At Cabela’s sporting goods store in Short Pump, 30-round magazines for assault-style weapons hang on displays like sacks of socks. They go for $19.95. Over at Green Top in Hanover County, there’s an even better deal. Similar 30-round magazines are piled in a bin and go for $9.99 each.
In the Richmond area, there’s ample trade in assault weapons. Most are for variants of the semiautomatic AR-15 assault rifle, which is prized for its light weight, low recoil, durability and ability to pop off a round with each pull of the trigger.
To be sure, these aren’t exactly the type of rifle used, along with a handgun, by Omar Mateen to slaughter 49 people and wound 53 others at the Pulse gay bar in Orlando, Florida, on June 12. That was a Sig Sauer MCX, a fairly new type of assault rifle that can be modified to use bullets of different calibers.
Yet there are questions surrounding the reasons that civilians would want to own assault weapons, which generally are legal in Virginia as long as they cannot fire on full automatic — meaning they continue firing while the trigger is held down.
Hunting with them is a bit dicey. “Most of the eastern localities in Virginia require shotguns for deer,” says Lee Walker, a spokesman for the Virginia Department of Game and Inland Fisheries. Most AR-15s shoot bullets that are too small to be legal to hunt deer and bears in Virginia.
In the forests of Hanover and Chesterfield counties, you can’t use a rifle to hunt for deer, regardless of whether it’s an evil-looking AR-15 or Kalashnikov variant with banana clips loaded with rounds, or the more traditional bolt-action rifle that may hold no more than six bullets.
Another issue is that assault weapons are designed for combat. Their job is to spit out many bullets that can hit enemy soldiers. Their rounds move quickly and, upon hitting flesh, tend to tumble to cause massive internal damage.
AR-15 rounds travel at a much faster rate than rounds from a 9 mm handgun. If one hits the liver, “the liver looks like a Jell-O mold that’s been dropped on the floor,” as Donald Jenkins, a trauma surgeon at University of Texas Health Science Center at San Antonio, told Wired magazine.” And the exit wound can be a nasty, jagged hole the size of an orange.”
But Virginia doesn’t regulate hunting by gun style, bullet speed or rifle type. What matters is the size of the bullet. “Our concern is that the ammunition can be used effectively and ethically to dispatch the animal,” Walker says.
What, then, is the allure of civilian ownership of assault rifles? Workers at Cabela’s and Green Top, where buyers were busy perusing assault weapons, referred queries to higher-ups, who couldn’t be reached.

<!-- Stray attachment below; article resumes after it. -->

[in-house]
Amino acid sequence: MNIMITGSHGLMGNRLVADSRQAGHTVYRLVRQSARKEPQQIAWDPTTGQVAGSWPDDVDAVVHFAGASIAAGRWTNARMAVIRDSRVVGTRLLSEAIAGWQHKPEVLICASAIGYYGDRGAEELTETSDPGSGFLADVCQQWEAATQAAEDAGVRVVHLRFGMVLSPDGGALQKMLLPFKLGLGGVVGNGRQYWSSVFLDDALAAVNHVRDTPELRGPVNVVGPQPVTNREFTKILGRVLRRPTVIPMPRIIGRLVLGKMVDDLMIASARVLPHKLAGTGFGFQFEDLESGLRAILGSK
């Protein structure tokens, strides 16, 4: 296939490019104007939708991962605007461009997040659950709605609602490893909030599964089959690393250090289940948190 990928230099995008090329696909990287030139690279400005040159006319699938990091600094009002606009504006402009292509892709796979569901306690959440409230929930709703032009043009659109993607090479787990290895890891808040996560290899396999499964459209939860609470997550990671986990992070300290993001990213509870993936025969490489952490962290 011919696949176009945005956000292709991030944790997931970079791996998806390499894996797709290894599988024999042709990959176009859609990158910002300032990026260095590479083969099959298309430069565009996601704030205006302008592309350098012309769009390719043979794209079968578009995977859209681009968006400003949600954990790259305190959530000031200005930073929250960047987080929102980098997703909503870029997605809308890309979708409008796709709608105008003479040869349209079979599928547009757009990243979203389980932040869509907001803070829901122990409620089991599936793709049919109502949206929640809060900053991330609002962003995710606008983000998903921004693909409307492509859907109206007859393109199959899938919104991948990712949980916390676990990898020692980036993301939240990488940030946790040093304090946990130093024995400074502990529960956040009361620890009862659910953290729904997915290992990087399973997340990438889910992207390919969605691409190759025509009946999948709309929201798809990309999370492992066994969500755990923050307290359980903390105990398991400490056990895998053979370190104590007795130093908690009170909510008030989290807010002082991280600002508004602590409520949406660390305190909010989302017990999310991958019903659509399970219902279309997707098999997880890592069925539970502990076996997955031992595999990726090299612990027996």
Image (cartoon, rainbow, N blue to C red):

At Southern Police Equipment on Midlothian Turnpike, owner Karen Ballengee says her store sells primary to law enforcement, although there is a retail outlet. It sells AR-15 variants but nothing fully automatic to qualified customers.
“You have to have two IDs, including one with a photo, proof of citizenship in the USA and three different other pieces of documentation,” she says. “Then you have to go through a background check. It may take 24 hours or five days. If I don’t get an approval ID code from the state police, you don’t get the gun.”
Unlike other gun outlets, Ballengee’s store carries other items that likely would be more of interest to police or security officers. There are combat boots, body armor and various vinyl weapons bags with Velcro straps.
And while Ballengee puts buyers through a background check, none is required if someone buys a gun privately from a seller at a gun show.
Regulating special types of weapons is nothing new. Following a spate of gang-land shootings involving the Thompson submachine gun and the Browning Automatic Rifle, Congress passed the National Firearms Act in 1934.
It forbids rifles or shotguns with chopped-down barrels. It also forbids the sale of a fully automatic machine gun unless the buyer meets special criteria and buys a tax stamp from agents of the federal Bureau of Alcohol, Tobacco and Firearms. The stamp lets the government know where the gun is and lets agents check up on the owner at any time, without warning.
Congress later banned assault rifles, including the AR-15 and Kalashnikov variants, from 1994 to 2004. But Congress let the law lapse and didn’t renew it.
After mass shootings at Orlando, San Bernadino, Colorado and Connecticut that involved assault weapons, moves to restrict them have gained new urgency. There are proposals to ensure that buyers undergo background checks, and to prohibit sales to people whose names are on terrorist or other watch lists. Assault weapons also could be banned.
Gun rights advocates note that Mateen was twice investigated by the FBI and was placed on, and later removed from, a terrorist watch list.
In the meantime, sales of assault rifles continue. A used-car dealer in New Hampshire offers a free AR-15 with each sale, although the recipient must undergo a background check. Barely a week after the Orlando massacre, gun shops along U.S. Route 460 in southeastern Virginia advertised AR-15 ammunition for sale.
And at Green Top, a Sig Sauer MCX goes for $1,799.